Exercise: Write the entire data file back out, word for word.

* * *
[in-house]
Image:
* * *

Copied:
[in-house]
Image: